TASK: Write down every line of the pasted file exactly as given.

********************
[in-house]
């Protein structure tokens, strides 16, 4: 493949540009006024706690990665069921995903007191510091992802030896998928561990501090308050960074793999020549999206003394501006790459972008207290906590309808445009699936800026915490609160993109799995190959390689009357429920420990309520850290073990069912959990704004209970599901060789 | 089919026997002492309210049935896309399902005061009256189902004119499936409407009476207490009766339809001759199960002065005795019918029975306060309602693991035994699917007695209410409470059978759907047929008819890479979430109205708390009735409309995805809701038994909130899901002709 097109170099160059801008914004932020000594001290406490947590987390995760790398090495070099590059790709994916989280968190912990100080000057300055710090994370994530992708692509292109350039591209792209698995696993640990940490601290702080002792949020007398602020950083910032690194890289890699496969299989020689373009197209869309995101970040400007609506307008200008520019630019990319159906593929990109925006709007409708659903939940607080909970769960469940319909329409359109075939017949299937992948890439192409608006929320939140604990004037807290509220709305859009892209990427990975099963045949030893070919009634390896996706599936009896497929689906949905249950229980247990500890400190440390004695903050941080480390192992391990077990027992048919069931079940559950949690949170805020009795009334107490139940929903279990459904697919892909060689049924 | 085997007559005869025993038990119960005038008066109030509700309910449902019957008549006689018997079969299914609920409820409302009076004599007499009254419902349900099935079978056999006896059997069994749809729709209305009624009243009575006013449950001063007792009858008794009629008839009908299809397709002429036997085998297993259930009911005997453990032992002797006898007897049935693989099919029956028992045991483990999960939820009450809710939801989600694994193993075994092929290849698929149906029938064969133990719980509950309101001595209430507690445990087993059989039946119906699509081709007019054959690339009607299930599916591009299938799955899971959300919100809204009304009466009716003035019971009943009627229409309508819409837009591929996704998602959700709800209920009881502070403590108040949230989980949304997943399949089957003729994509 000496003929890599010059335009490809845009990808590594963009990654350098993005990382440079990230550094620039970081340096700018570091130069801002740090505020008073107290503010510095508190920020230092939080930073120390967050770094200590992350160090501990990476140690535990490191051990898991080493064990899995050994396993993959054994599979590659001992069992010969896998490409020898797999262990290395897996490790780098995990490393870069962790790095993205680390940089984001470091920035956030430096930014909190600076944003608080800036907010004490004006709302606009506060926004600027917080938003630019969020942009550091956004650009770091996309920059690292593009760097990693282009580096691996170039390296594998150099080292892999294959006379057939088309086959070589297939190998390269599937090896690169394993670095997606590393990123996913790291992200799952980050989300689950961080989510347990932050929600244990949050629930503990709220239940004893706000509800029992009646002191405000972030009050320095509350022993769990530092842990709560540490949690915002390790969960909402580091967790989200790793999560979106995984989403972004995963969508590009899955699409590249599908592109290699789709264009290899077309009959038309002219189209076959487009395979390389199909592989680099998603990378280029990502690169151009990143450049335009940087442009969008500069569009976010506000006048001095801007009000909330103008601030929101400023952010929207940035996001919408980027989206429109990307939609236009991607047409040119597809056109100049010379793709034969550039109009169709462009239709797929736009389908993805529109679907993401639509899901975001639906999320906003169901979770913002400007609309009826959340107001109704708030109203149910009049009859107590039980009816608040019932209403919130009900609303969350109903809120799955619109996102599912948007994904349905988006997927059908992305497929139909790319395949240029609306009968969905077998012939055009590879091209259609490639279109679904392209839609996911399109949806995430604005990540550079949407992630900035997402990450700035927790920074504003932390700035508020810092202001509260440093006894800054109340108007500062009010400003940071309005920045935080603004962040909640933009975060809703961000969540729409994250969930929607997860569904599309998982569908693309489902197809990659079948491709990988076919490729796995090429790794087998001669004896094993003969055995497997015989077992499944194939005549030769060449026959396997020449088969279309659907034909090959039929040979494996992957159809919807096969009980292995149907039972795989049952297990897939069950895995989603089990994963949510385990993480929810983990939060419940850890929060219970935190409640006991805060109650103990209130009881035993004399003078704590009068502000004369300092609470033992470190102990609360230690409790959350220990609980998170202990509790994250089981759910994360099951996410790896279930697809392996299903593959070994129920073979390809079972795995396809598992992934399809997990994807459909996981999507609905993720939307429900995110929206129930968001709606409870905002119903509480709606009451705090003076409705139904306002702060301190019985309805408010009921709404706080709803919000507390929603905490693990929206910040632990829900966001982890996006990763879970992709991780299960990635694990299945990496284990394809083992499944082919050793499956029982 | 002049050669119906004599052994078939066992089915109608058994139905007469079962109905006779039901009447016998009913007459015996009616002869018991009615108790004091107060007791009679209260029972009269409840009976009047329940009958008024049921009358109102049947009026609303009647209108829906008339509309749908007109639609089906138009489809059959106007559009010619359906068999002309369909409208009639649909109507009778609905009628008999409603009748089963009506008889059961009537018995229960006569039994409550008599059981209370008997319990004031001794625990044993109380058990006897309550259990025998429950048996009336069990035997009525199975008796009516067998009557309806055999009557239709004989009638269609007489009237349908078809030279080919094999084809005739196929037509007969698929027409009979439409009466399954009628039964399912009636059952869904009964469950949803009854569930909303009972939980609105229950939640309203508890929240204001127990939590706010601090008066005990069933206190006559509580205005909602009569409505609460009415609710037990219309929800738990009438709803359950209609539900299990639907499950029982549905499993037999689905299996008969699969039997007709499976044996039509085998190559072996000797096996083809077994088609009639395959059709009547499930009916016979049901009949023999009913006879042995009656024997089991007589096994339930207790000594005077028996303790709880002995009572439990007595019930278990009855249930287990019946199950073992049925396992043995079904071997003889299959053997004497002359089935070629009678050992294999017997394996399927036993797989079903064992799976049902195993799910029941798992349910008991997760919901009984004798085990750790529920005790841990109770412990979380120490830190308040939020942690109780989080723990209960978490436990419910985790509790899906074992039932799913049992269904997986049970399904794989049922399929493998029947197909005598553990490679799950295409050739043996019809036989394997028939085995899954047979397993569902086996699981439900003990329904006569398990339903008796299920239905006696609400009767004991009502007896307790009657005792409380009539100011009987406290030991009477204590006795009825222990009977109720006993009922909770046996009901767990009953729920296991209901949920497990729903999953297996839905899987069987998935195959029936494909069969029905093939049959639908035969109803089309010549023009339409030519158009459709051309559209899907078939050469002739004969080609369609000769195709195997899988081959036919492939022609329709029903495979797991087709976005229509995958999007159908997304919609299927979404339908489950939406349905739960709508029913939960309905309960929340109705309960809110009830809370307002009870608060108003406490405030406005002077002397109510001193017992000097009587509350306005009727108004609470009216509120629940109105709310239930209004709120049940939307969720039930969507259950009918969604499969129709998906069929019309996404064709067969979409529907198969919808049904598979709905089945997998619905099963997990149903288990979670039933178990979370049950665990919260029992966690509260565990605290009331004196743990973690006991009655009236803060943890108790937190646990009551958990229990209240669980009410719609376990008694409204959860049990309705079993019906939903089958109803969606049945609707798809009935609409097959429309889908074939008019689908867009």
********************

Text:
[in-house]
């Protein structure tokens, strides 16, 4: 493949540009006024706690990665069921995903007191510091992802030896998928561990501090308050960074793999020549999206003394501006790459972008207290906590309808445009699936800026915490609160993109799995190959390689009357429920420990309520850290073990069912959990704004209970599901060789 | 089919026997002492309210049935896309399902005061009256189902004119499936409407009476207490009766339809001759199960002065005795019918029975306060309602693991035994699917007695209410409470059978759907047929008819890479979430109205708390009735409309995805809701038994909130899901002709 097109170099160059801008914004932020000594001290406490947590987390995760790398090495070099590059790709994916989280968190912990100080000057300055710090994370994530992708692509292109350039591209792209698995696993640990940490601290702080002792949020007398602020950083910032690194890289890699496969299989020689373009197209869309995101970040400007609506307008200008520019630019990319159906593929990109925006709007409708659903939940607080909970769960469940319909329409359109075939017949299937992948890439192409608006929320939140604990004037807290509220709305859009892209990427990975099963045949030893070919009634390896996706599936009896497929689906949905249950229980247990500890400190440390004695903050941080480390192992391990077990027992048919069931079940559950949690949170805020009795009334107490139940929903279990459904697919892909060689049924 | 085997007559005869025993038990119960005038008066109030509700309910449902019957008549006689018997079969299914609920409820409302009076004599007499009254419902349900099935079978056999006896059997069994749809729709209305009624009243009575006013449950001063007792009858008794009629008839009908299809397709002429036997085998297993259930009911005997453990032992002797006898007897049935693989099919029956028992045991483990999960939820009450809710939801989600694994193993075994092929290849698929149906029938064969133990719980509950309101001595209430507690445990087993059989039946119906699509081709007019054959690339009607299930599916591009299938799955899971959300919100809204009304009466009716003035019971009943009627229409309508819409837009591929996704998602959700709800209920009881502070403590108040949230989980949304997943399949089957003729994509 000496003929890599010059335009490809845009990808590594963009990654350098993005990382440079990230550094620039970081340096700018570091130069801002740090505020008073107290503010510095508190920020230092939080930073120390967050770094200590992350160090501990990476140690535990490191051990898991080493064990899995050994396993993959054994599979590659001992069992010969896998490409020898797999262990290395897996490790780098995990490393870069962790790095993205680390940089984001470091920035956030430096930014909190600076944003608080800036907010004490004006709302606009506060926004600027917080938003630019969020942009550091956004650009770091996309920059690292593009760097990693282009580096691996170039390296594998150099080292892999294959006379057939088309086959070589297939190998390269599937090896690169394993670095997606590393990123996913790291992200799952980050989300689950961080989510347990932050929600244990949050629930503990709220239940004893706000509800029992009646002191405000972030009050320095509350022993769990530092842990709560540490949690915002390790969960909402580091967790989200790793999560979106995984989403972004995963969508590009899955699409590249599908592109290699789709264009290899077309009959038309002219189209076959487009395979390389199909592989680099998603990378280029990502690169151009990143450049335009940087442009969008500069569009976010506000006048001095801007009000909330103008601030929101400023952010929207940035996001919408980027989206429109990307939609236009991607047409040119597809056109100049010379793709034969550039109009169709462009239709797929736009389908993805529109679907993401639509899901975001639906999320906003169901979770913002400007609309009826959340107001109704708030109203149910009049009859107590039980009816608040019932209403919130009900609303969350109903809120799955619109996102599912948007994904349905988006997927059908992305497929139909790319395949240029609306009968969905077998012939055009590879091209259609490639279109679904392209839609996911399109949806995430604005990540550079949407992630900035997402990450700035927790920074504003932390700035508020810092202001509260440093006894800054109340108007500062009010400003940071309005920045935080603004962040909640933009975060809703961000969540729409994250969930929607997860569904599309998982569908693309489902197809990659079948491709990988076919490729796995090429790794087998001669004896094993003969055995497997015989077992499944194939005549030769060449026959396997020449088969279309659907034909090959039929040979494996992957159809919807096969009980292995149907039972795989049952297990897939069950895995989603089990994963949510385990993480929810983990939060419940850890929060219970935190409640006991805060109650103990209130009881035993004399003078704590009068502000004369300092609470033992470190102990609360230690409790959350220990609980998170202990509790994250089981759910994360099951996410790896279930697809392996299903593959070994129920073979390809079972795995396809598992992934399809997990994807459909996981999507609905993720939307429900995110929206129930968001709606409870905002119903509480709606009451705090003076409705139904306002702060301190019985309805408010009921709404706080709803919000507390929603905490693990929206910040632990829900966001982890996006990763879970992709991780299960990635694990299945990496284990394809083992499944082919050793499956029982 | 002049050669119906004599052994078939066992089915109608058994139905007469079962109905006779039901009447016998009913007459015996009616002869018991009615108790004091107060007791009679209260029972009269409840009976009047329940009958008024049921009358109102049947009026609303009647209108829906008339509309749908007109639609089906138009489809059959106007559009010619359906068999002309369909409208009639649909109507009778609905009628008999409603009748089963009506008889059961009537018995229960006569039994409550008599059981209370008997319990004031001794625990044993109380058990006897309550259990025998429950048996009336069990035997009525199975008796009516067998009557309806055999009557239709004989009638269609007489009237349908078809030279080919094999084809005739196929037509007969698929027409009979439409009466399954009628039964399912009636059952869904009964469950949803009854569930909303009972939980609105229950939640309203508890929240204001127990939590706010601090008066005990069933206190006559509580205005909602009569409505609460009415609710037990219309929800738990009438709803359950209609539900299990639907499950029982549905499993037999689905299996008969699969039997007709499976044996039509085998190559072996000797096996083809077994088609009639395959059709009547499930009916016979049901009949023999009913006879042995009656024997089991007589096994339930207790000594005077028996303790709880002995009572439990007595019930278990009855249930287990019946199950073992049925396992043995079904071997003889299959053997004497002359089935070629009678050992294999017997394996399927036993797989079903064992799976049902195993799910029941798992349910008991997760919901009984004798085990750790529920005790841990109770412990979380120490830190308040939020942690109780989080723990209960978490436990419910985790509790899906074992039932799913049992269904997986049970399904794989049922399929493998029947197909005598553990490679799950295409050739043996019809036989394997028939085995899954047979397993569902086996699981439900003990329904006569398990339903008796299920239905006696609400009767004991009502007896307790009657005792409380009539100011009987406290030991009477204590006795009825222990009977109720006993009922909770046996009901767990009953729920296991209901949920497990729903999953297996839905899987069987998935195959029936494909069969029905093939049959639908035969109803089309010549023009339409030519158009459709051309559209899907078939050469002739004969080609369609000769195709195997899988081959036919492939022609329709029903495979797991087709976005229509995958999007159908997304919609299927979404339908489950939406349905739960709508029913939960309905309960929340109705309960809110009830809370307002009870608060108003406490405030406005002077002397109510001193017992000097009587509350306005009727108004609470009216509120629940109105709310239930209004709120049940939307969720039930969507259950009918969604499969129709998906069929019309996404064709067969979409529907198969919808049904598979709905089945997998619905099963997990149903288990979670039933178990979370049950665990919260029992966690509260565990605290009331004196743990973690006991009655009236803060943890108790937190646990009551958990229990209240669980009410719609376990008694409204959860049990309705079993019906939903089958109803969606049945609707798809009935609409097959429309889908074939008019689908867009």